In 2012-13, Washington school districts report they paid salaries and benefits to private outside labor organizations for the equivalent of 60 full-time positions, enough to provide full teaching staff for two elementary schools. The funds were diverted through a budgeted account called “Duty Code 61, Suffix 0, Certificated on Leave.” Union executives received an average of $68,783 each per year in public education funds, or about $7,000 more than the average pay of teachers who worked in Washington public school classrooms during the 2012-13 school year.
 That would certainly be a scandal.  That would also be a clear violation of state law as a gift of public funds, so if this is real (spoiler: it isn't), Liv should be filing formal complaints against every single one of those school districts for violating state law.  She's got them dead to rights!

Here's why Liv isn't beating a path to the courthouse door:  she herself knows that she's full of shit, because she made this same mistake three years ago in an attack against Mary Lindquist.  It was pointed out to her nicely in the comments section (lost, unfortunately, when the blog moved over) and far less nicely by me here on this blog that the money that school districts pay out for full-time release union presidents is reimbursed by the unions they're elected to lead.  There is no giveaway of tax dollars here--that would be illegal, and do you really think that school district superintendents would allow it to happen?

I was polite enough to call it a lie of omission back then, but when the lie has been pointed out and is repeated again it's more than appropriate to just call it intentional.  Liv repeats it because it scores the points that she wants to score, which is perfectly fine, but it certainly isn't "research" in any acceptable sense of the word.

Then there's the chart at the bottom of her post, where Liv names names and calls out those 60 full-time union positions.  Let's talk about some of those names:

*She says that Mabton, with less than 900 students, has a full time union president.  The guy on her list was arrested in May of 2012 for theft, and resigned in September.  Liv should know better than to use the preliminary S275 data to make a chart like this, but research is haaaaaaaard.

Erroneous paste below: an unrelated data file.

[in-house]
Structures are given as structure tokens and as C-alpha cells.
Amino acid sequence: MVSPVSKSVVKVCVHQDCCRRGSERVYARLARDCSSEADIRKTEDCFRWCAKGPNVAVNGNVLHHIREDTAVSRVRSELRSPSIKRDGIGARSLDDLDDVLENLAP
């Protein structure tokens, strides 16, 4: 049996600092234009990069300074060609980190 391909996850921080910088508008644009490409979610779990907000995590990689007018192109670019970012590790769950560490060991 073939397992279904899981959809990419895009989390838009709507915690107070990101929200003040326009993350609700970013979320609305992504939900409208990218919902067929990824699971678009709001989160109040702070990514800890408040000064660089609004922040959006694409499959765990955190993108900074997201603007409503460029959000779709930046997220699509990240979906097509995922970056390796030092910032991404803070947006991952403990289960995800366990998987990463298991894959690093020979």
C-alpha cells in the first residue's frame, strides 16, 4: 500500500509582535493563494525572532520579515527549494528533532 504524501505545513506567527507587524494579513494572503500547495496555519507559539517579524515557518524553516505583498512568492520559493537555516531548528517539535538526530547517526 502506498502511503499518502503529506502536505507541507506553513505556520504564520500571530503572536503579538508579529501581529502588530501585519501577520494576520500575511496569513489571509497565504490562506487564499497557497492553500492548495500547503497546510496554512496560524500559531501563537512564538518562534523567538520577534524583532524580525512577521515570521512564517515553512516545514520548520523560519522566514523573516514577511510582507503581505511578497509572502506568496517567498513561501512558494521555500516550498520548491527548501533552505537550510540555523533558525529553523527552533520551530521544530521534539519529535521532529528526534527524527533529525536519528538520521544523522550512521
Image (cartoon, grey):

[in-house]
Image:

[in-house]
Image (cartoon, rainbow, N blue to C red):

*Kirstin Nicholson is, in fact, the president of the Central Kitsap EA, but given that she's one (1) person I doubt that she's really released as three (3) FTE employees.  For Christ's sake, Liv, you didn't notice that when you published the chart?
*Tacoma must have one hell of a union, because they apparently have 11 different union officers on full time release, which would be a neat trick when places like Seattle, Spokane, and Kent only have 1.
*And one of those 11 is a principal, who is by definition not a WEA member.  The $115,000 salary is a bit of a tell in that regard, something I would expect an education expert like Liv to pick up on.  Through the magic of Google here's an article about when she got in trouble for cussing at kids.

So we don't really know how many of the people on that list are union leave.  Because Liv couldn't be arsed to do the basic fundamentals of fact checking and proof reading, her entire "research" is flawed.  This would fail most college classes, but apparently it's A-OK for the Washington Policy Center, and that's regrettable.

I may disagree on policy with the Freedom Foundation, but they're at least thorough.  We may have different conclusions, but I can at least look at the material they put out and see how they got there.  Plus, I respect Trent England's beard.

The Washington Policy Center, though, is a joke on education reform. This is an absolute, provable certainty, and it's never going to get any better.

Labels: , , , , , ,

Read more here, if any.